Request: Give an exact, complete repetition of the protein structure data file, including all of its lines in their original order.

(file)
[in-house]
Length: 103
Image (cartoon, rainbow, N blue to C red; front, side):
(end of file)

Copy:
[in-house]
Length: 103
Image (cartoon, rainbow, N blue to C red; front, side):